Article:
Omer Aziz is a Kirby Simon Fellow at Yale Law School and a Visiting Researcher at the Munk School of Global Affairs at the University of Toronto. Follow him on Twitter @omeraziz12.
On one of my first days working at the United Nations this past June, a senior UN official took me out for coffee. This being Geneva, our espressos went into lunch and the conversation slowly moved from the architectural splendour of the Palais des Nations to the more rugged terrain of geopolitics. The words "Canada" and "reputation" were inevitably mentioned, and as I tiptoed around the moat that lay between these two words, the UN official simply looked amused. To her, Canada's role at the UN was not controversial. It was irrelevant.
Stephen Harper's foreign policy has been rightly criticized as anti-UN. But this policy's chief failure is not the reputational harm it has caused. Rather, Mr. Harper's anti-UN policy has been a strategic failure. In what has been called a "G-Zero world," in which no one country is distinctly in charge, states are increasingly turning to the UN as a forum, mediator, co-ordinator, even an enforcer on everything from the Ebola response to Iran sanctions.
By dismissing the UN on ideological grounds instead of championing the world body and pushing Canadian interests through it, Mr. Harper has substituted old conservative nativism for a modern, enlightened foreign policy. His policy hasn't made an inch of difference to the United Nations. But it has made Canada irrelevant in world affairs.
Take the Middle East. That same June morning, Yemen's warring parties were holding diplomatic consultations under the auspices of the UN. A few buildings over, the UN was holding talks with parties to the Syrian conflict. In the halls between these two meetings, there was endless chatter about the Iranian nuclear negotiations. The UN has been actively involved in all three of these conflicts – in the case of Yemen, getting food to 700,000 starving Yemenis in the month of July alone.
Mr. Harper's policies here have been barely coherent: Secretly selling weapons to a reactionary and fundamentalist Saudi royal family, who can then go and bomb Yemenis; using grandiloquent moral rhetoric in attacking the Islamic State, while completely ignoring the mass-murderer-in-chief of the Middle East, Bashar al-Assad; prematurely closing Canada's embassy in Tehran nine months before Iranians went to the polls, thereby squandering any hope to engage Iran diplomatically and culminating in the laughable theatre of keeping sanctions in place even as the UN Security Council voted to lift them. But uniting these disparate policies has been a deep antipathy to international institutions.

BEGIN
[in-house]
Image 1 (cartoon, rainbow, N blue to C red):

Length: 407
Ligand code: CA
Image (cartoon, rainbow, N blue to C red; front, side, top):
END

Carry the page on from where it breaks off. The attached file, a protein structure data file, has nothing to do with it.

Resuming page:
In its desire to outsource foreign-policy interests to businesses, the Harper government has failed to assist the world body on numerous political, humanitarian, and peacekeeping issues. At times, the insults have been gratuitous, like skipping the General Assembly to receive – wait for it – a statesmanship award.
This is not an idealistic argument: Ignoring and alienating the UN, and liquidating Canada's diplomatic capital harms Canadian interests and Ottawa's standing in the order of states. Dogmatic, ideological opposition to the UN invariably results in countless missed opportunities, and not just obvious ones like losing a seat on the Security Council. All of these are ultimately strategic failures.
Mr. Harper was always a critic of the UN because to him it represented the two nauseating ideas of institutionalized hypocrisy and Liberal multilateralism. There is no quibbling on the first point. The UN is hypocritical because every one of its 193 member states, including Canada, is hypocritical. Finding actual solutions between the two poles of hypocrisy and principle, however, is why Bismarck called politics the art of the possible.
On the second point, the Liberal Party championed multilateralism with remarkable success not because Liberal Prime Ministers were foreign-policy geniuses, but because Canada was uniquely suited to lead through the UN Canada is a small country with a small military, a liberal democracy without the heavy baggage of imperialism, a trillion-dollar economy with a welfare state. It is not neutralist like Switzerland, nor hegemonic like America. The multilateral record speaks for itself: peacekeeping, a ban on land mines (also known as the Ottawa Treaty), the Responsibility to Protect Doctrine, the International Criminal Court. These are not red-versus-blue issues. They were achieved because of a commitment to the United Nations and to multilateralism more generally.
None of this is to say that the UN is perfect. The UN seeks to solve the largest collective action problem in history – anarchy in a world run by states – and it succeeds on many fronts, but in the process, it creates smaller collective action problems of its own. There is corruption and cronyism at the UN, as there is in all bureaucracies. Israel is criticized by regimes where women are a permanent underclass and the gassing of children is a military tactic. Israel has plenty of questions to answer, but it should not be asked them by Saudi or Syrian diplomats.
Seventy years ago, Canada helped found the United Nations at the San Francisco conference. The country was then a small democratic nation with an outsized microphone, universally respected for its war record and the leading role Canadian delegates played in drafting of the UN Charter. Today, Canada's global microphone has become a solitary soapbox, its international leadership reduced to hectoring and lecturing from the sidelines.
It's 2015, not 1945, but the UN is just as desperately needed. Once Canada figures this out, the country and the world will be the better for it.